World Athletics President Sebastian Coe is one of five new International Olympic Committee (IOC) members whose membership was approved at the 136th IOC Session today.
Coe was the sole new member nominated linked to their position within an International Federation.
The other four whose membership was approved were ex-Croatian President Kolinda Grabar-Kitarović, Princess Reema Bandar Al-Saud - Saudi Arabia's ambassador to the United States - Cuban Olympic Committee (COC) Board member Maria de la Caridad Colón Ruenes and Battushig Batbold, Acting President of the Mongolian National Olympic Committee.
This takes the number of IOC members to 105.
Grabar-Kitarović was elected by 86 votes to three, Princess Reema by 86 votes to three, Colón by 88 votes to one and Batbold by a tighter margin - 68 votes to 16.
A basic majority was needed to approve membership.
In the case of Coe, there were 77 yes and eight no votes.
The World Athletics President was put forward after he committed to addressing a conflict of interest which had previously prevented him from joining the IOC.
Coe agreed to move from managing director of CSM Sport & Entertainment - a role which the IOC Ethics Commission said represented a conflict of interest - to a more "passive position" with the global agency.
As an athlete, Britain's Coe won four Olympic medals - two gold and two silver.
He later spearheaded London's bid for the 2012 Olympics and was then chairman of the Organising Committee, later becoming chairman of the British Olympic Association.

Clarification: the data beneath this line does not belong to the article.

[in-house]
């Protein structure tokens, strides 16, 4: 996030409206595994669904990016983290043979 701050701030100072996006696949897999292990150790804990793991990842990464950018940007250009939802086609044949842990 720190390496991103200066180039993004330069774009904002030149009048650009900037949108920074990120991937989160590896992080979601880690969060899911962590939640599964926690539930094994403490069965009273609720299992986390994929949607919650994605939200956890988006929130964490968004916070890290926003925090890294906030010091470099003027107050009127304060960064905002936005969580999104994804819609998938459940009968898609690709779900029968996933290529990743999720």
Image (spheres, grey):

Princess Reema serves on the Board of Saudi Arabia's National Olympic Committee and has been part of the IOC Women in Sport Commission since 2018.
Grabar-Kitarović was Croatian President for five years until February 2020.
Colón, who won a javelin gold medal at Moscow 1980, serves on the COC Gender Commission and is part of the World Athletics Women's Committee.
Batbold is due to serve as Mongolia's Chef de Mission at the Tokyo 2020 Olympic Games - now postponed until 2021 - and is a member of the Badminton World Federation Council.
All signed an Olympic oath to formally become members.
An extension to the terms of IOC members who hold the title because of their positions of the Athletes' Commission was unanimously approved.
Zimbabwe's Kirsty Coventry, who chairs the Athletes' Commission, Slovakian co-chair Danka Barteková, France's Tony Estanguet and James Tomkins of Australia were due to be replaced this year when their terms expired at the Olympic Games in Tokyo.
However, Athletes' Commission elections were postponed until next year along with the Games.
In addition, an appointed member of the Commission, Stefan Holm of Sweden, was also set to end his term, but has had it extended.
The membership of William Blick was additionally changed, becoming an individual member which means he can hold the position until he is 70.
Blick's membership was previously linked to his position as President of the Uganda Olympic Committee.
That motion was approved by 77 votes to 10.
The membership of China's Zaiqing Yu, an IOC vice-president, was also extended until 2025 - by 83 votes to seven.
Yu had been due to reach the age limit of 70 next year.
Gambian Beatrice Allen was made an honorary IOC member and is also set to receive the Olympic Order.